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SPHIS connections lead to career for alumna Lori Droege

Lori DroegeName: Lori Droege
Degree: MPH with a concentration in Health Promotion and Behavioral Sciences
Graduation Date: 2010

Experience at SPHIS

Little did Lori know that a simple scroll through the UofL catalogue would lead to a career in public health. While searching for psychology degrees, Lori came across the MPH program. She explained,  “Public health was immediately a topic that sparked my interest. When I looked further and saw that health behavior and promotion was a concentration, I remember getting really excited and thinking about how this could be the field for me.”

Lori enrolled at SPHIS immediately after finishing her undergraduate studies at Thomas More University (formerly Thomas More College). Once at SPHIS, Lori’s search for a practicum project set her on her way to her current career. While attending a local summit, Lori heard someone speak about Green Dot, a violence prevention strategy. She recalled hearing the presentation and thinking, “‘“You mean that is someone’s job? No way.”

Lori connected with the speaker after the conference and one practicum project and a year later, Lori was trained as the new Awareness Education Coordinator, and later Prevention Coordinator, at the Center for Women & Families.

Current Role

Lori’s current position is Director of Prevention and Public Education at the Women’s Crisis Center (WCC) in northern Kentucky. She co-leads the Prevention, Education, and Community Engagement (PEACE) team and oversees prevention efforts in middle/high schools and communities throughout a 13-county service region. Her daily responsibilities vary and may include working with her team, conducting trainings at schools, or developing new initiatives.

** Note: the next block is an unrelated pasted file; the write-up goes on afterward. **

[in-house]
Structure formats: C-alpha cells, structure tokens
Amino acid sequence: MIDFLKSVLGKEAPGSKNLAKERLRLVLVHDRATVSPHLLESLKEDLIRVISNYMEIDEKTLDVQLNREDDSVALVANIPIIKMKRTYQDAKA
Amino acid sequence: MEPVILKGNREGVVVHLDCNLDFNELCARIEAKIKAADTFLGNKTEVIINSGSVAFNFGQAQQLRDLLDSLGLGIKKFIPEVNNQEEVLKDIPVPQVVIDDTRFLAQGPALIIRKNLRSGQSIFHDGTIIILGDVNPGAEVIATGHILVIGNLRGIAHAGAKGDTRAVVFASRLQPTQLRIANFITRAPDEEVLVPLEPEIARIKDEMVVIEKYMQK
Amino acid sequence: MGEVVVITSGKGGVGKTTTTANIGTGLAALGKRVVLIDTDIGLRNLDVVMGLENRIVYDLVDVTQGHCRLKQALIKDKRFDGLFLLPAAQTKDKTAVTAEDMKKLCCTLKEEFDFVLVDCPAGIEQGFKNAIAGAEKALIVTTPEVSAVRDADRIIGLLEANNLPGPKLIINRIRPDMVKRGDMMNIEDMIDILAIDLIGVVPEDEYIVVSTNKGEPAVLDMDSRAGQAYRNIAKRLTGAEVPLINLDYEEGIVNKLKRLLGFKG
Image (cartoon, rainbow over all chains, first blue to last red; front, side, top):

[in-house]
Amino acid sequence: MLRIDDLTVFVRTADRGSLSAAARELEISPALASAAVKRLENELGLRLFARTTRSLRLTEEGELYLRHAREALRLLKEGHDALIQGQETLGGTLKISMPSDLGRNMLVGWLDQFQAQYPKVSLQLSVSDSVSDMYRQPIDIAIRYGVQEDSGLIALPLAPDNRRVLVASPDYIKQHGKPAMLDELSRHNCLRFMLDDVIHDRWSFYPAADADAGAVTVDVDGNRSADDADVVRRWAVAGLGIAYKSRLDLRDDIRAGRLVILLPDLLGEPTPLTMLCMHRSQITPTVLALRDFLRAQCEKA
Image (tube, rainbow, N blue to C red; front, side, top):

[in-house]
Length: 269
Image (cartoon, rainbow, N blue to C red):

Lori is passionate about violence prevention. In high schools and community sites, WCC equips teens and adults with the skills to become active bystanders through the Green Dot strategy. Participants learn realistic ways they can reactively and proactively stop incidents of bullying, dating violence, and sexual assault in their schools and communities. In a five-year CDC pilot study, Green Dot high schools showed a reduction in the perpetration of sexual violence by about 20%.

“This means that our actions do have power. This means that fewer people are getting hurt as a result of this program and the actions of everyday people. This is huge and incredibly exciting to me,” Lori said.

With the onset of COVID-19, Lori’s days looked somewhat different. With schools  closed to outside programming, her team shifted focus to provide more support to WCC’s essential services: the crisis hotline and shelter. For three months, they covered shifts in the shelter to ensure operations could continue even if a significant portion of the core shelter staff were exposed to COVID-19. Now Lori and her team have resumed their focus on prevention programming and how to adapt their offerings for virtual delivery.

How a public health degree aids her career

Lori said she uses knowledge she learned from SPHIS regularly. She utilizes health behavior theories, such as Diffusion of Innovations theory, weekly. Further, program evaluation has been crucial over the course her 10-year career.  She added, “I’m no evaluation expert, but the foundation I received within the MPH program has really helped me to find ways to show meaning in the work my teams do.”

Lori’s advice to students and recent graduates

“Explore and lean into your curiosity. Public health can be applied to so many aspects of the world. Take classes and find projects that spark your interest, both in and out of school, so you can find those pathways.”

Connect with Lori

To learn more about the work she does, check out Facebook or Instagram. Also, feel free to connect with Lori via Facebook or LinkedIn.

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